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June 26, 2024

A feast for the ages

With Luigi Tecce for his annual June bacchanalia
Robert Camuto with Luigi Tecce

I’ve been to a lot of Bacchanalias over the last 20 years.

But nothing I experienced before measures up to Luigi Tecce’s version of the June 23 feast of San Giovanni at his remote hilltop vineyard in Paternopoli  (pop. about 2,000) about 50 miles due east of Naples.

Tecce (to whom I dedicated 10 pages in “South of Somewhere”) is a seeming contradiction: an artistic dandy, who lives in the middle of the Campania countryside where he labors to produce one of the region’s most beloved cult wines from Aglianico.

Before the feast, Tecce hosted more than 100 people at a local restaurant to try the 20 vintages (2003-2023) of his iconic wine Poliphemo.

Then the group transported about a mile up the road to a field on a hilltop next to his small, unmarked winery and house.

In the evening sun, a military marching band led a procession through his vineyards as preparations were being made for what was to come. A side of beef that looked to be as large as the blackened rib cage of a brontosaurus, was suspended from a tractor’s boom lift over coals the size of logs. Pasta water boiled over wood fires. Milk was heating for the making of fresh ricotta and mozzarella. Tomatoes were cooking in large skillets that could comfortably seat a pair of human adults. A mobile wood-fired pizza oven was heating up. And this is just part of it.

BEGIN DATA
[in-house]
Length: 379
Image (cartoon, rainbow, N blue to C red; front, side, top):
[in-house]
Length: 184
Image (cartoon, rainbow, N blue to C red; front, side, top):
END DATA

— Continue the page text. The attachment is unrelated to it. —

San Giovanni’s feast throughout Europe is in general a kind of summer Carnevale: local, traditional, profane—a bit of a walk on the wilder side. Tecce’s version seemed aesthetically cinematic. And sartorial.

Elegant in a range of outfits and changes of his Borselino hats, Tecce seemed to be everywhere—a Fellini directing the spectacle in his head.

By dark the crowd had swelled to at least 500 persons who poured themselves cups of Tecce’s young Aglianico from 100-liter steel tanks.

After the first of many rounds of wine and food that evening, Tecce directed the crowd to a stage on the other side of the winery. There the musical evening began with a string quartet that played a twisted version of Bach to a piece by Frank Zappa. As the evening went on there was a 96-year-old accordionist, a duo including a hurdy gurdy player and harpist turned traditional Occitaine music into what could pass for dance rave tunes.

And there was more food. At midnight, as fresh rounds of pasta were produced along with fresh mozzarella, a group of bagpipers including a Franciscan monk piped in the glow of a house house-sized bonfire that had been set alight from mounds of straw and wood and farm refuse.

There is something dream-like, transcendent and magic-conjuring about such summer evenings by fire, far away from our modern narratives and cares.  

I’ve never been to Burning Man, and likely never will. But to me what was most remarkable is that Tecce did this here—while highlighting the people and the talents in a land that sees far too many people abandon for distant cities with more going on.  

We have Tecce and his friends to thank for their generosity and for creating this sense of community in his home terroir. For one night—until past dawn the next day—he made this hilltop in Paternopoli seem like the center of something.